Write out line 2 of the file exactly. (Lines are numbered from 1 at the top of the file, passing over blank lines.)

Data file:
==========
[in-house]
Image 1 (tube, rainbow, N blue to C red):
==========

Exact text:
Image 1 (tube, rainbow, N blue to C red):